These days, we don’t really associate Ukraine with prosperity and billionaires. It’s better known for political unrest and a complicated relationship with Russia. But there are indeed some billionaires who call Ukraine home. Most of Ukraine’s wealthiest, sometimes known collectively as the ‘Ukrainian Oligarchs’, have something crucial in common: They are alleged to use strong-arm tactics in order to succeed, meaning, in cases where the allegations are true, they’ve gotten ahead by quite literally threatening and intimidating others.
In a 2013 article, Forbes, USA stated: “Most people understand that rising out of the post-Soviet collapse to become an oligarch required questionable dealings…[Meanwhile], Ukrainian business has evolved, and so have its protagonists, albeit some more than others.”
If we are to believe much of the information out there, the businessmen of modern day post-Communist Ukraine – the rich ones anyway – are dirty rich, the operative word being “dirty.” By all accounts they are often associated with organized crime – the following list of top 5 richest Ukrainians is repeatedly marked by allegations of criminal activity. If it’s true that much of this money is dirty money, what does it mean for this small country that has been under Russia’s thumb on and off (mostly on) over the years?
The stories behind the lives and business dealings of Ukraine’s 5 richest men are, perhaps, a little more colourful than those which we’ve come to expect on the average rich list. These oligarchs emerged after Ukraine gained independence from Russia, and it has since been reported that (as of 2008) the richest 50 people in the country control the equivalent of around 85% of Ukraine’s GDP. Who are the men with the greatest stake in the country’s wealth, and how did they come by such prosperity in a largely struggling country? Read on to find out more about the fascinating, sometimes disquieting, stories behind Ukraine’s 5 richest men.
5. Dmytro Firtash: $1 billion
Every story has two sides, and some have three or four. Depending on what you read, Dmytro Firtash is either a savvy and ruthless entrepreneur, or he’s savvy, ruthless, unethical and mercenary. The 49-year-old has made his money largely in chemicals, energy, fertilizer and titanium. Those are some safe (read; lucrative) industries, but in consideration of the more conspiratorial views, let us contemplate the following: Firtash, along with the Russian government, established a gas-trading company to be an intermediary in sales of the resource from Russia into the Ukraine. Separately, an international court ordered Ukraine’s state energy company, Naftogaz, to pay Firtash’s privately-owned energy company, RosUkrEnergo, for the expropriation of natural-gas resources in the billions of cubic meters, with interest. What muddies the waters is this: How exactly do all these companies fit together? Firtash is the common thread, and none of this looked quite right to external authorities.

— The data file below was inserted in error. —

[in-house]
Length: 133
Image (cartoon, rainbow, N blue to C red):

The FBI investigated the businessman for eight years before arresting him; he denies allegations that he has ties to the Russian mafia. To further inflame things, it is thought by some that Firtash was largely if not singlehandedly responsible for the imprisonment of Yulia Tymoshenko, a Ukrainian presidential hopeful that was not pro-Russian. It’s a murky pond, but no doubt about it, Dmytro Firtash is a very big fish.
4. Sergey Kurchenko: $2.4 billion
Called a “straw man” by some, this 27-year-old rose to wealth and power seemingly out of nowhere. This may be the reason some believe him to be a front man for President Oleksandr Yanukovych, or more specifically for his son. The presidential family has serious holdings in both finance and energy, but not in media. Kurchenko, who bought his first company at the age of 19 and who was originally from a working-class family, bought Ukraine Media Holdings – the parent company of publications like Vogue and Forbes Ukraine – last year and he thus gained control of nearly 50% of the country’s online readership. The editor-in-chief of Forbes Ukraine was publicly very clear on his opinion of the deal, saying he believed Kurchenko’s intent was one of three possibilities: either to silence the media in time for the 2015 presidential elections, to legitimize himself and his reputation, or to use the magazine for some other unknown purpose.